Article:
LSU's Dorsey presented with Outland Trophy Print
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Thursday, 10 January 2008 17:46
NCAAF Headline News

 OMAHA, Neb. (AP) - After capping his college career earlier in the week with a national title, LSU tackle Glenn Dorsey was properly sent off Thursday night by his former Tigers defensive coordinator, new Nebraska coach Bo Pelini.
Pelini, who coached the Tigers' defense in LSU's 38-24 victory over Ohio State in the BCS national championship game Monday night, introduced Dorsey before the tackle accepted the Outland Trophy as the nation's best interior lineman.
``Coming up here, I didn't know he was going to be here, so this is kind of my last opportunity to be with him, so to me it's real special,'' Dorsey said. ``He's kind of a father figure to me; I can call and talk to him anytime.''
When the player finally came face-to-face with his coach at a reception before the dinner, the pair embraced in a half-hug and joked heartily as they posed for pictures with passing fans, Dorsey smiling as he clutched his trophy.
``He's not only a great football player, he's a better person,'' Pelini said of the player hoping to be picked No. 1 in the NFL draft. ``He's a leader and he's the type of guy that we want in our program here at Nebraska. He's a total package.''
Dorsey said he was glad - but not surprised - that Pelini coached LSU's defense in its bowl game even after accepting the Nebraska job more than a month earlier.
``He puts his heart and soul into everything, that's why I wasn't surprised when he came back to coach in that championship game,'' Dorsey said. ``He starts whatever he finishes.''
Dorsey led Pelini's unit on the field that outplayed the nation's top-ranked defense, stifling Ohio State's offense as the Tigers scored 31 straight points after trailing by 10 early in the game. The Tigers allowed the Buckeyes to convert just three times on 13 third-down attempts.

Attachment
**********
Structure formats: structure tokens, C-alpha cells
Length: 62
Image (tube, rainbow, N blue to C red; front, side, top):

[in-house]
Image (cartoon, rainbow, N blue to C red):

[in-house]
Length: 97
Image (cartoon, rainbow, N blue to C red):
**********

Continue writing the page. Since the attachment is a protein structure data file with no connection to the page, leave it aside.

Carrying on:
The Outland is one of a handful Dorsey earned in a season he played at less than full strength. Battling knee and tailbone injuries and constant double-teams, he still managed strong enough numbers to win the Outland, the Lombardi Award (outstanding lineman) and the Bronko Nagurski Trophy (outstanding defensive player). Dorsey was also named the Southeastern Conference defensive player of the year.
The All-American had 39 solo tackles, 25 assists, 11 1/2 tackles for losses, six sacks, four pass breakups and four quarterback hurries in 13 games.
Dorsey chose to return to LSU for his senior season instead of opting for the NFL draft, passing on a huge payday as many thought him a sure first-round pick.
The 6-foot-2, 303-pound Dorsey said earlier he would have regretted leaving early for the NFL. He said he didn't prefer any particular team to draft him in April, but said he was a fan of the San Francisco 49ers and Dallas Cowboys as a kid.
Former Oklahoma star Lee Roy Selmon also was on hand to accept a trophy for the Outland he won in 1975, after two years of leading a dominant defense on back-to-back national title teams. Winners didn't start getting an actual trophy until the late 1980s, so a past recipient is brought back each year for his own hardware.
``It's just as humbling as it was back in 1975 receiving a plaque,'' said Selmon, the top pick in the 1976 NFL draft. He played for Tampa Bay until 1984 and was inducted into the Hall of Fame in 1995.
``I'm going to probably display it at my home or maybe my restaurant.''

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